Vice All News Time16 June 2013 23:18:02


US Open: Rory McIlroy looks to tropical storm for salvation at Merion

10 June 2013 12:58:38 Sport news, comment and results | theguardian.com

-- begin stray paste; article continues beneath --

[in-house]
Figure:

• Tail-end of storm set to soften Pennsylvania course • Out-of-form world No2 is second favourite for US Open At what point does a slow start to a season become a slump? Rory McIlroy is in danger of discovering the answer to that question as he makes his latest practice steps towards salvation. McIlroy is generally priced up as the second favourite for this week's US Open – albeit a distant one to Tiger Woods – when there is little basis for the Northern Irishman being afforded such status. Apart, that is, from his ability to roar back to form after a troubled spell, as proven at the US PGA last year. McIlroy's other hope lies in the elements; the tail-end of a tropical storm may yet hit the course at Merion, Pennsylvania, softening it up to play more into the 24-year-old's favour. To describe McIlroy's year to date as indifferent would be doing him a favour. The world No2 has struggled in the US – he has only a single second-placed finish – and returned to Europe only to miss the cut at the PGA Championship. Included in this run has been McIlroy's infamous walk-off at the Honda Classic in March . The handling of that, plus legal action from one of his former sponsors, Oakley, are thought to be factors in an imminently formal split from his management company, Horizon. On face value, McIlroy and Horizon have clearly been good for each other. A multimillion-pound deal with Nike is evidence of that. Yet the split is not a harmonious one and is in the hands of lawyers. In the midst of this, McIlroy even took exception to the public comments of his close friend Graeme McDowell regarding this parting of the ways. Whatever else can safely be said of McIlroy, he is single-minded and never averse to change. The theme this year is whether that lack of continuity, either with equipment or with those looking after his affairs, is negatively influencing his on-course performance. McIlroy would firmly dismiss such a notion. Ominously for those who fancy him to triumph at the US Open, his basic flaws have ranged between putting troubles, poor connections with iron shots and wayward drives. McIlroy lies 106th in the PGA Tour's driving accuracy table and 122nd for strokes gained from putting. "It's not that far away," McIlroy said. That, however, has been an all-too familiar message. "My misses this year have been too wide. Last year if I missed a fairway or missed a shot, it wasn't by much. This year it seems the misses have been big and have cost me. I'm thinking back to Augusta, third day, missed a couple of tee shots right on the 7th and 11th, which sort of cost me on Saturday. "Sometimes it's not about how good your good shots are, it's about how much damage your bad shots do to you, and if you can limit that as much as you can then it's always going to be a good thing." Northern Ireland's other recent US Open winner looks a stronger candidate to profit at Merion than McIlroy. McDowell's driving accuracy is ranked as the best on the PGA Tour, with the 33-year-old's much-improved short game and scrambling ability also worthy of attention. McDowell has also made a habit of missing cuts immediately before winning. His early exit at Wentworth, alongside McIlroy, will not have overly perturbed him. "I'm happy sitting out every other weekend if it means picking up silverware every other Sunday," McDowell said. "The way I see the course is in three stages. The first six are tricky, the middle seven you can score on if you're in the fairway, while the last five are just brutal. The 15th is probably one of the hardest tee-shots you'll ever see. You actually have to hit it at the out-of-bounds. "The game shouldn't just be about distance. Of course it's exciting to see this new power-packed breed come along, who first learn to hit it a long way and then concentrate on the accuracy afterwards. "But the US Open is about testing every aspect of the golf game. And if mother nature obliges, Merion will do so and stage a great US Open. It'll be a unique place in major golf in so many ways." Unlike McIlroy, McDowell hopes that storm path changes. "I hope the conditions there in Philadelphia are fast and firm and that the rains don't arrive to make it soft and very scoreable," he added. "The USGA has been brave in taking it back to an old-school layout after such a long break. And it would be a shame if the modern pros butchered it." There doesn't seem much likelihood of that. Nor, all the evidence would suggest, of McIlroy announcing his return in Pennsylvania. US Open Golf 2013 US Open Rory McIlroy Graeme McDowell Golf US sports Ewan Murray guardian.co.uk © 2013 Guardian News and Media Limited or its affiliated companies. All rights reserved. | Use of this content is subject to our Terms & Conditions | More Feeds